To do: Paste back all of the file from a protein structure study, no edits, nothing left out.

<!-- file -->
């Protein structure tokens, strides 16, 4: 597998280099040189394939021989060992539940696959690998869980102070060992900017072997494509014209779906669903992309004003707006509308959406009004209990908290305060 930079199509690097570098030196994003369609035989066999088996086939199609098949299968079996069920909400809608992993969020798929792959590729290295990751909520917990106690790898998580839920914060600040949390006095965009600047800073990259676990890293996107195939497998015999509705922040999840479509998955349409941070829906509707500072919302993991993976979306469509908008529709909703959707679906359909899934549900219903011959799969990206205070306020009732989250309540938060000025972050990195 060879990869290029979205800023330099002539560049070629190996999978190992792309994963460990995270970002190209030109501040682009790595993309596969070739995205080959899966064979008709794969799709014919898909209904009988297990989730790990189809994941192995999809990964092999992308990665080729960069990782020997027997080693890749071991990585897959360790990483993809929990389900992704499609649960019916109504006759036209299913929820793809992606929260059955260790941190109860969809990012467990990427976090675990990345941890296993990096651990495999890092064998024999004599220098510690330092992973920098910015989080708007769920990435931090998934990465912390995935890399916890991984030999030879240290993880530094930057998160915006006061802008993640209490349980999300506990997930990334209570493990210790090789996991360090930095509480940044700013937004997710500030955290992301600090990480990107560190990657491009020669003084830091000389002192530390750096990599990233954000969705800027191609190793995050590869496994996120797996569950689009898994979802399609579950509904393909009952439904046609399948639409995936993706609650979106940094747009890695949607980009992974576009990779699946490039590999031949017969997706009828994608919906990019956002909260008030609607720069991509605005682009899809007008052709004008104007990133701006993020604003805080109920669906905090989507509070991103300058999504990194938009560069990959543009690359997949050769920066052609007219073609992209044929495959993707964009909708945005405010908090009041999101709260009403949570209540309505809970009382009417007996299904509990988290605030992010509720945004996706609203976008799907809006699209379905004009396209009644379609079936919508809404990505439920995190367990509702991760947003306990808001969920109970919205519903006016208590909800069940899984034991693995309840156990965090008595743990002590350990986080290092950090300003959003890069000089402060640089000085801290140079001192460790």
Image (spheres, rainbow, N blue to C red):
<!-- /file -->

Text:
């Protein structure tokens, strides 16, 4: 597998280099040189394939021989060992539940696959690998869980102070060992900017072997494509014209779906669903992309004003707006509308959406009004209990908290305060 930079199509690097570098030196994003369609035989066999088996086939199609098949299968079996069920909400809608992993969020798929792959590729290295990751909520917990106690790898998580839920914060600040949390006095965009600047800073990259676990890293996107195939497998015999509705922040999840479509998955349409941070829906509707500072919302993991993976979306469509908008529709909703959707679906359909899934549900219903011959799969990206205070306020009732989250309540938060000025972050990195 060879990869290029979205800023330099002539560049070629190996999978190992792309994963460990995270970002190209030109501040682009790595993309596969070739995205080959899966064979008709794969799709014919898909209904009988297990989730790990189809994941192995999809990964092999992308990665080729960069990782020997027997080693890749071991990585897959360790990483993809929990389900992704499609649960019916109504006759036209299913929820793809992606929260059955260790941190109860969809990012467990990427976090675990990345941890296993990096651990495999890092064998024999004599220098510690330092992973920098910015989080708007769920990435931090998934990465912390995935890399916890991984030999030879240290993880530094930057998160915006006061802008993640209490349980999300506990997930990334209570493990210790090789996991360090930095509480940044700013937004997710500030955290992301600090990480990107560190990657491009020669003084830091000389002192530390750096990599990233954000969705800027191609190793995050590869496994996120797996569950689009898994979802399609579950509904393909009952439904046609399948639409995936993706609650979106940094747009890695949607980009992974576009990779699946490039590999031949017969997706009828994608919906990019956002909260008030609607720069991509605005682009899809007008052709004008104007990133701006993020604003805080109920669906905090989507509070991103300058999504990194938009560069990959543009690359997949050769920066052609007219073609992209044929495959993707964009909708945005405010908090009041999101709260009403949570209540309505809970009382009417007996299904509990988290605030992010509720945004996706609203976008799907809006699209379905004009396209009644379609079936919508809404990505439920995190367990509702991760947003306990808001969920109970919205519903006016208590909800069940899984034991693995309840156990965090008595743990002590350990986080290092950090300003959003890069000089402060640089000085801290140079001192460790």
Image (spheres, rainbow, N blue to C red):